By Jon "DRJ" Najarian
It's been a month since the May 6 "flash crash," and we still have no official reason for what happened. But here are three possible, some might even say plausible, scenarios.
- A Very Possible Explanation:
A firm, presumably a hedge fund, executed the trade that was the catalyst for the crash. The only reasonable reason that a fund would do such a thing was that they thought they could manipulate the market. (Remember that Goldman Sachs (GS) said last spring that the high-frequency algorithms stolen from them could be "used to manipulate the markets in a bad way.") And prior to that manipulation the firm purchased a significant amount of put options.
- Perhaps the Most Likely Scenario
A firm that clears hedge funds (we'll call it Firm A), also known as a prime broker, has a fund that was bleeding. That becomes the prime broker's problem when the firm in question has nearly depleted its capital. At such time the broker freezes the hedge fund's accounts and takes measures to limit its exposure. After analyzing the firm's positions, the broker decides how many futures it must sell.
Just before executing the futures hedge, an unscrupulous member of the team executing the trade tells a friend at a rival prime broker or hedge fund (Firm B) that they are about to hit the market with $300 million in futures. The message could be something as innocuous as, "Can't join you for lunch today, got a big meeting at 3."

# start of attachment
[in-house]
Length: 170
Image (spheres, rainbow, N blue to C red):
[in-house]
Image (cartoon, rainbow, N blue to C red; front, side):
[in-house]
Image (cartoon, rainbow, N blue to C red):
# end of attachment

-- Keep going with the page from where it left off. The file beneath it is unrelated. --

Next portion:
The person on the receiving end of the email knows they just have moments to hit the market with $300 million sale (also known as program trade), executing a portfolio of stocks that make up the bulk of the S&P futures that are about to be sold. The problem is that, instead of selling $300 million, an extra digit -- not a "B" as in billions versus "M" as in millions -- hits far more stock that is bid for in that millisecond.
Then as the futures trade from Firm A hits, the algos choke do what they are programmed to: shut down. The pressure is too great and as each bid falls, every subsequent bid also falls, creating the proverbial snowball that gets bigger as it gains speed downhill.
- Probably the Least Plausible Reason
A firm that has not properly set fail-safe systems in its algo trading programs picks up a bad price for a millisecond and generates a program trade, selling million of shares in the blink of an eye. Other than the obvious issue that the trade was triggered by bad data, the program is executed as other large trades come in and basically freezes as it was built to do when an obvious error occurs.
There would be a freakishly small chance that all these events could occur at the same time. I always say there are no coincidences on Wall Street, and this would fall squarely in the coincidence category.
What happened on May 6 remains a very severe problem on so many levels. The regulators are clearly overmatched in intelligence, resources, and political clout. Absent some dramatic changes that curb the fractionalization of our financial markets, letting firms skirt the rules and affirmative obligations that market makers have on the CME, CBOE, NYSE, and Nasdaq, I think the results the next time could be disastrous.
Disclosure: No positions